In­stal­la­tion timetable con­cerns raised

The Casket - - Wheels - AARON BESWICK THE CHRON­I­CLE HERALD com­mu­ni­

In the­ory, it’s a sim­ple check valve.

But in re­al­ity it can be a big bill.

Build­ing own­ers in Antigo­nish are find­ing that out as they re­ceive let­ters from the town threat­en­ing to cut off their wa­ter sup­plies if they don’t in­stall ‘back­flow preven­tion de­vices.’

And if you own a build­ing — even a home — that’s con­nected to a mu­nic­i­pal wa­ter sup­ply in Nova Sco­tia you may be ob­li­gated to have one of th­ese de­vices in­stalled.

“No owner, con­sumer, cus­tomer or other per­son … may al­low wa­ter, waste­water, or any other liq­uid, chem­i­cal or sub­stance, to ingress or egress the wa­ter sys­tem,” reads a long pas­sage that is copied be­tween the sched­ules of rules and reg­u­la­tions un­der which most of this province’s util­i­ties op­er­ate.

This spring, Antigo­nish started to en­force that rule (Num­ber 27 in its sched­ule) on own­ers of build­ings that con­tain sprin­kler systems.

“Antigo­nish is flat out retrofitting ev­ery­thing,” said Kevin Jones of At­lantic Back­flow Spe­cial­ists.

“They will be the first mu­nic­i­pal­ity I have ever heard of to force cus­tomers to retro­fit their sprin­kler systems.”

Let­ters were sent to the own­ers of build­ings con­tain­ing sprin­kler systems in Antigo­nish this spring warn­ing that they had three months to be­gin the in­stal­la­tion of a back­flow preven­tion de­vice.

The valves pre­vent wa­ter in a build­ing from drain­ing back into the drink­ing wa­ter sup­ply dur­ing a pres­sure dis­rup­tion – i.e. a drop in wa­ter pres­sure out­side the build­ing or an ac­ci­den­tal spike in pres­sure inside the build­ing.

“It’s not a cheap fix — from the sounds of it it could be in the tens of thou­sands of dol­lars,” said Lloyd Jewkes, one of the own­ers of the Five to a Dol­lar store on Main Street.

“We’re not say­ing it shouldn’t be put into code and prac­tice, the town’s con­cerns are le­git­i­mate, but what we’re say­ing is can we just take it one step at a time.”

The Five to a Dol­lar Store spent about $4,000 mak­ing im­prove­ments to their store’s sprin­kler sys­tem this spring. While do­ing that work they were not told about the re­quire­ment for a back­flow preven­tion de­vice.

The new valve comes with new is­sues — of­ten it will lower wa­ter pres­sure in the build­ing and can re­sult in the need for a re­design of an en­tire sprin­kler sys­tem.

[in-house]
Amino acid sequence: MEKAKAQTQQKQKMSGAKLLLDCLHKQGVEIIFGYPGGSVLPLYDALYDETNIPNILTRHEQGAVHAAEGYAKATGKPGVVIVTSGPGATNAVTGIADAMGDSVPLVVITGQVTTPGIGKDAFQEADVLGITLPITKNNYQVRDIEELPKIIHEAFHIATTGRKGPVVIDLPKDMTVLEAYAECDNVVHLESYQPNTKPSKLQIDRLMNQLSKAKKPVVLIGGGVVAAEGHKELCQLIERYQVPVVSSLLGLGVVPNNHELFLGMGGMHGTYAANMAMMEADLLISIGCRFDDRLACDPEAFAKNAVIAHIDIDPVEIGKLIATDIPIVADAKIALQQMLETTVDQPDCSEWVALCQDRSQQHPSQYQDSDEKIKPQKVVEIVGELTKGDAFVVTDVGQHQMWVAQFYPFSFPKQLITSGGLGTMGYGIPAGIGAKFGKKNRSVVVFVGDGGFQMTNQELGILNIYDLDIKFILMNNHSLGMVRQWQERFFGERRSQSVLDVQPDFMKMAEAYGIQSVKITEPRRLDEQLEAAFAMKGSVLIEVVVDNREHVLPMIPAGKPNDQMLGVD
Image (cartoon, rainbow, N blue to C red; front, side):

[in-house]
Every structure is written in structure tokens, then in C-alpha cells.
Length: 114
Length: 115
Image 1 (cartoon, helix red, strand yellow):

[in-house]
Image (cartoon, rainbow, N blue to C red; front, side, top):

“Or it might not af­fect it at all,” said Jones.

“But if you’re into a re­design of an en­tire sprin­kler sys­tem you could be into $60,000 or $70,000 be­fore it’s all said and done.”

Busi­nesses that didn’t re­spond to the July let­ter to say that they would be­gin the process of en­gi­neer­ing a fix were sent let­ters warn­ing that they could have their wa­ter cut off by the town.

The for­mer mayor and owner of the build­ing that houses Pizza De­light on Main Street, Carl Chisholm, is meeting with town staff later this week on be­half of a hand­ful of con­cerned lo­cal busi­ness peo­ple.

“What’s catch­ing peo­ple by sur­prise is the time frame the town wants the work done,” said Chisholm.

“We’re of the un­der­stand­ing that it has to be done, we just want a lit­tle more time to get it done.”

Chisholm like Jewkes, thought the town was only pass­ing down the re­quire­ments made by the Nova Sco­tia Util­ity and Re­view Board ap­proval of its new rates and reg­u­la­tions passed down last July.

But Paul Al­lan, ex­ec­u­tive direc­tor of the pro­vin­cial reg­u­la­tor, said

Wed­nes­day that it is the util­i­ties them­selves that sub­mit their reg­u­la­tions to be ap­proved.

For its part, the town de­clined to pro­vide an in­ter­view on the is­sue and in a writ­ten re­sponse to Chron­i­cle Herald ques­tions said that the re­quire­ments for back­flow preven­tion come from the Depart­ment of En­vi­ron­ment.

“The Town's pro­gram has been driven by the re­cent re­newal of their Per­mit to Op­er­ate a Wa­ter Util­ity from Nova Sco­tia Depart­ment of En­vi­ron­ment, which came into ef­fect on April 1, 2018,” reads the re­sponse.

Depart­ment of En­vi­ron­ment spokesman Bruce Nunn, mean­while, said the re­quire­ment for back­flow preven­tion doesn’t come from them. He said the province reg­u­lates the qual­ity of drink­ing wa­ter but its up to mu­nic­i­pal­i­ties to de­ter­mine how they reach that tar­get.

Who­ever came up with the re­quire­ment for the valve and the time­line the town is im­pos­ing on build­ing own­ers, their pres­ence is con­sid­ered a best prac­tice in wa­ter man­age­ment.

“Ab­so­lutely, it’s a good idea,” said An­drew Mackin­non, direc­tor of pub­lic works for the Town of Truro.

His town doesn’t have a re­quire­ment for back­flow de­vices but he an­tic­i­pates one will come when they re­new their per­mit to op­er­ate a wa­ter sup­ply sys­tem.

“Back­flow preven­tion should be even more of a con­cern in­ter­nally for a build­ing,” said Mackin­non.

“You could have a restau­rant us­ing wa­ter in the kitchen for food prep and have a jan­i­tors’ room be­hind it with a mop bucket or sink that’s full of wa­ter and chem­i­cals. If there is a hose running into that bucket and if neg­a­tive pres­sure hap­pens in the sys­tem that wa­ter and chem­i­cals could be drawn back into the drink­ing wa­ter. There’s all kinds of ways peo­ple can con­tam­i­nate them­selves.”

The Town of Antigo­nish’s writ­ten re­sponse said that be­cause sprin­kler systems hold large vol­umes of wa­ter that are not con­sid­ered safe for drink­ing, they have the po­ten­tial to con­tam­i­nate drink­ing wa­ter if sucked back into the reg­u­lar sup­ply.

“The Town has as­sessed and in­stalled back­flow pre­ven­ters on our prop­er­ties with since in­sti­tut­ing the pro­gram in July 2018,” reads the state­ment from the Town.

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